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Viewpoint: Why the crusade against ‘toxic masculinity’ ignores ‘real-life conditions’

| | March 11, 2019

Over the past several years, toxic masculinity has become a catchall explanation for male violence and sexism. The appeal of the term, which distinguishes “toxic” traits such aggression and self-entitlement from “healthy” masculinity, has grown to the point where Gillette invoked it last month in a viral advertisement against bullying and sexual harassment.

Research consistently shows that boys and men who hold sexist attitudes are more likely to perpetrate gendered violence. …

A predictable conflict has accompanied the term’s rise. Many conservatives allege that charges of toxic masculinity are an attack on manhood itself … . Many progressives, meanwhile, contend that the detoxification of masculinity is an essential pathway to gender equality.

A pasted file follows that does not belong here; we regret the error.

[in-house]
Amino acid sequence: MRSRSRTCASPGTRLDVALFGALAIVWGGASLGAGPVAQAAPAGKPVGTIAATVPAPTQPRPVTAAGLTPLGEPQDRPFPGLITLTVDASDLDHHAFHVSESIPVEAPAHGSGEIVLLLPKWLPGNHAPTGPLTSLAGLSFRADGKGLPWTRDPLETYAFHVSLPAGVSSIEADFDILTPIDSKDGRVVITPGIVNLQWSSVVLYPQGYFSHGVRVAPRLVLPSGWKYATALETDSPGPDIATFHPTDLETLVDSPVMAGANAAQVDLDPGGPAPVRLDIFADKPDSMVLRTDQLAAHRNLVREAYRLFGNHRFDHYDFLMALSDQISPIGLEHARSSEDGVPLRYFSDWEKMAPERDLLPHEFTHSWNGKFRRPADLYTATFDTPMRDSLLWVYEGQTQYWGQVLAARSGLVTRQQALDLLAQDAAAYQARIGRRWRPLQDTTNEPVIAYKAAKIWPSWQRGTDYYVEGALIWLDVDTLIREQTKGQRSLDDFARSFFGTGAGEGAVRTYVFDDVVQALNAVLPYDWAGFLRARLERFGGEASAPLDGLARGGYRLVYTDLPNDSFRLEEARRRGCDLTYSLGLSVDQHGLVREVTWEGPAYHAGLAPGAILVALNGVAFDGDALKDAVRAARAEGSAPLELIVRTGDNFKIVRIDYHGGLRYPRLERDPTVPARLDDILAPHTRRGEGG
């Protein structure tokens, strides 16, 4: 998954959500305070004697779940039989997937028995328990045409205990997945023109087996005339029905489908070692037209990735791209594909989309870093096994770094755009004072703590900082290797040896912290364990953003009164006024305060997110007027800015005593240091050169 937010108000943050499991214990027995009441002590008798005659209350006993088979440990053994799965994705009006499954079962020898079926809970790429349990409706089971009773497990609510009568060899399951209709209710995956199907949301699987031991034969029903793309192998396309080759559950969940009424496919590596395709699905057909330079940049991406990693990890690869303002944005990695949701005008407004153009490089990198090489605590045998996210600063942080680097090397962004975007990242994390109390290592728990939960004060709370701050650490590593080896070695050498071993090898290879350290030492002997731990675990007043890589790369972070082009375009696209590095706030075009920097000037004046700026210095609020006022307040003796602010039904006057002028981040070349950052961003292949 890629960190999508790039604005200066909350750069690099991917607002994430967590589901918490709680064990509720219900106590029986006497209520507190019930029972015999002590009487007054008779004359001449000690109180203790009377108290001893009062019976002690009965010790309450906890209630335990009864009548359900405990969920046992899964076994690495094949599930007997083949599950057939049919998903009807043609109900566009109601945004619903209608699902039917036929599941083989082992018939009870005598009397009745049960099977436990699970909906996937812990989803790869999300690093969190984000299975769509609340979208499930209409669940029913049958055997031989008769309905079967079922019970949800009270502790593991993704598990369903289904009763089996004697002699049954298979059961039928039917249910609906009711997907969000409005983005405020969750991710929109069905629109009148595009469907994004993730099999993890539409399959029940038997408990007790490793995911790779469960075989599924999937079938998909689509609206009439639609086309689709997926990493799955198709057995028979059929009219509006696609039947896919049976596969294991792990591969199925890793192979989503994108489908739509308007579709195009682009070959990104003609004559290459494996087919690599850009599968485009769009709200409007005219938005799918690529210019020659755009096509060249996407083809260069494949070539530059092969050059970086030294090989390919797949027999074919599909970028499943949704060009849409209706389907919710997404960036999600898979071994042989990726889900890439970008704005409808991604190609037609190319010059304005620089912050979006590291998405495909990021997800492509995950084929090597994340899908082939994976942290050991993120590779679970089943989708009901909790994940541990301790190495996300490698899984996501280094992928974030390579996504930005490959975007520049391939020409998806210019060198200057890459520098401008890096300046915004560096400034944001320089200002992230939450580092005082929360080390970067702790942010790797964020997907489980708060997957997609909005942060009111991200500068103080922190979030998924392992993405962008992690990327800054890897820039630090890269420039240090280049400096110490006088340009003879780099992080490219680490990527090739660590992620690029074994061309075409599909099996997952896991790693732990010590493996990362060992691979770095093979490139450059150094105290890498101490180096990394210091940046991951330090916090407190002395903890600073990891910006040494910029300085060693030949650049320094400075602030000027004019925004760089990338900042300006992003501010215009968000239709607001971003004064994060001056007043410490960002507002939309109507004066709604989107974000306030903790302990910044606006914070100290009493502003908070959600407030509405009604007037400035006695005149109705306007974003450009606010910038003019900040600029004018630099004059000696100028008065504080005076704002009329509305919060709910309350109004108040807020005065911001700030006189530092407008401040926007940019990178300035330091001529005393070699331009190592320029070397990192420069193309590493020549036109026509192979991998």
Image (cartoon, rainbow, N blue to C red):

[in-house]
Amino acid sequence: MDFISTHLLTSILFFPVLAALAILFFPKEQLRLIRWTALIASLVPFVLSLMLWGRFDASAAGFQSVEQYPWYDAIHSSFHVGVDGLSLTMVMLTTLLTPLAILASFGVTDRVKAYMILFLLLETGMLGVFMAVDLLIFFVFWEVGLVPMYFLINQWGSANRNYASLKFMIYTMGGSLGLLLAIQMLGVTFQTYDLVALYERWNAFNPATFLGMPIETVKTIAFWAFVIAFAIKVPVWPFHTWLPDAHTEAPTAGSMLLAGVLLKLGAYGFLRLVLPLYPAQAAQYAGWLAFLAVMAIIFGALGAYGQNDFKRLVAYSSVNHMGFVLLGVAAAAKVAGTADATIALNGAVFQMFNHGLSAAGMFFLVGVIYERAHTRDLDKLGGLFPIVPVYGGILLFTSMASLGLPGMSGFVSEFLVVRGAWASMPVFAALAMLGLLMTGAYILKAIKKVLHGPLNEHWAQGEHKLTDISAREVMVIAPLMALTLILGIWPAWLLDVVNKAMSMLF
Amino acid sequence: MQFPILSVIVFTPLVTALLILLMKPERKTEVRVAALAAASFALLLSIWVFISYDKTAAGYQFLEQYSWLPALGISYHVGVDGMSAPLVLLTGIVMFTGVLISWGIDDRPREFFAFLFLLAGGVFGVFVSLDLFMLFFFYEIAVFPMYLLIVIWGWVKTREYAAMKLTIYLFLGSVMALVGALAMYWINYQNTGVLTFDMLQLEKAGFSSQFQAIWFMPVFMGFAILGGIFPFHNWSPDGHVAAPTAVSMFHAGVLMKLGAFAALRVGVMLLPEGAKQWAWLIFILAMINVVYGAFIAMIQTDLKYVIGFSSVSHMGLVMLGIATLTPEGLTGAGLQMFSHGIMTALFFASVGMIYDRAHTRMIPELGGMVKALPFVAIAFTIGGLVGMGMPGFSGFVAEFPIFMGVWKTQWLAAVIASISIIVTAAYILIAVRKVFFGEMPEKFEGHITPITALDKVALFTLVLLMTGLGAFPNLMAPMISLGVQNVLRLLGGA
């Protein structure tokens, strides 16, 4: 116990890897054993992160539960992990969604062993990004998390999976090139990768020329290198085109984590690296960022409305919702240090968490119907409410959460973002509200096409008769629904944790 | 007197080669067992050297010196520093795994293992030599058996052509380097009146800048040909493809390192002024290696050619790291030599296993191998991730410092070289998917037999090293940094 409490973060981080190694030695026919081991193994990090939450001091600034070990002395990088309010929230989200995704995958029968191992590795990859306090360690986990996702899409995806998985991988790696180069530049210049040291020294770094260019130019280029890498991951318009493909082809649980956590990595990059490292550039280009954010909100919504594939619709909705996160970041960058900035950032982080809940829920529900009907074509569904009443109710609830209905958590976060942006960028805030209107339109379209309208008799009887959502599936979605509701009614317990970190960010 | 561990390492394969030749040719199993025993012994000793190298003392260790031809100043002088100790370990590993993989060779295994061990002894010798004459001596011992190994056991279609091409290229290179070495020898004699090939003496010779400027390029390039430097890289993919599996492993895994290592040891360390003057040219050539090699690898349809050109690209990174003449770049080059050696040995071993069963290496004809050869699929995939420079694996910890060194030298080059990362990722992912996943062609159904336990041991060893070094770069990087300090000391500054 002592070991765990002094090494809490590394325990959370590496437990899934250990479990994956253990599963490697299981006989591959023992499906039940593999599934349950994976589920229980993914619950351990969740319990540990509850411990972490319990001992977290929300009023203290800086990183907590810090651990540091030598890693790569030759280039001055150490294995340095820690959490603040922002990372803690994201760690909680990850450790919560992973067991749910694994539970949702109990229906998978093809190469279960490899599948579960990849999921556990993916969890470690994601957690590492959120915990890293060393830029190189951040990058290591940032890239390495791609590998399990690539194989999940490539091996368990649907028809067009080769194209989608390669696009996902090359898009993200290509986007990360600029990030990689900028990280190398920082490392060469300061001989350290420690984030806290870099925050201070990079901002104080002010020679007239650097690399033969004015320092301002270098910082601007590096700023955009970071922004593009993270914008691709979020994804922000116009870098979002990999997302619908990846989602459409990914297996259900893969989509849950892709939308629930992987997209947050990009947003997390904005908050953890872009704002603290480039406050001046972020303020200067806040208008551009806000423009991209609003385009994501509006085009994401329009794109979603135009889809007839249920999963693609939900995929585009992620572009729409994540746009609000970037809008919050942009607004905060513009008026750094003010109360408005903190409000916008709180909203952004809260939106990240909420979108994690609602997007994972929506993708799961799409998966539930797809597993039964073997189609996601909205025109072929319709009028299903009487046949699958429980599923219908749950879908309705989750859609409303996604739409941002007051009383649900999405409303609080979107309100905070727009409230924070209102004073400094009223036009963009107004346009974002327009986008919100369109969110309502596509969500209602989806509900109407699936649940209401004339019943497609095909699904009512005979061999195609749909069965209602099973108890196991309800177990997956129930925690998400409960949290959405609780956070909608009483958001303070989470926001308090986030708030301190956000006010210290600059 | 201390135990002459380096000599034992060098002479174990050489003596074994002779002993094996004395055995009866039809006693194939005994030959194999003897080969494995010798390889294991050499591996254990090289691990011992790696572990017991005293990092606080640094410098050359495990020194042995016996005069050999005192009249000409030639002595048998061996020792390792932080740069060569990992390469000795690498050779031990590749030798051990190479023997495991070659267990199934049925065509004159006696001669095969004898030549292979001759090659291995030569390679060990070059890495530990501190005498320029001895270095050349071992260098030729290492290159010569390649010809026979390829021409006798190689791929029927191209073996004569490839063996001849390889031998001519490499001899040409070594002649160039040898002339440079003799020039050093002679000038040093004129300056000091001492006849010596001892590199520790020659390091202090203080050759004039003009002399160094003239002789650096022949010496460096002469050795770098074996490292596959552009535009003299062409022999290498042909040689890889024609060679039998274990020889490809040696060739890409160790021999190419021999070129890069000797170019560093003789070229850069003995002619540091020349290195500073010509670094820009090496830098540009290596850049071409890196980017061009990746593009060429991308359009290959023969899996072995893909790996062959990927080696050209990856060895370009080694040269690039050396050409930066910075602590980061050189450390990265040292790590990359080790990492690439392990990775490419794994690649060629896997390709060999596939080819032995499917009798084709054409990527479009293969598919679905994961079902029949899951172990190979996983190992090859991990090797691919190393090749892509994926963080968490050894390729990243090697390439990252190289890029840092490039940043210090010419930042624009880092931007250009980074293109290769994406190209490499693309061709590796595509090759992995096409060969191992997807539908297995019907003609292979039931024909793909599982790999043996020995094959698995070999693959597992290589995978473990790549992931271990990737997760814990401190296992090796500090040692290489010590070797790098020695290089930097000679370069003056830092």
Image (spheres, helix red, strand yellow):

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The question is: Where do these sexist attitudes come from? Are men and boys just the victims of cultural brainwashing into misogyny and aggression, requiring reeducation into the “right” beliefs? Or are these problems more deep-seated, and created by the myriad insecurities and contradictions of men’s lives under gender inequality? The problem with a crusade against toxic masculinity is that in targeting culture as the enemy, it risks overlooking the real-life conditions and forces that sustain culture.

Read full, original post: The Problem With a Fight Against Toxic Masculinity

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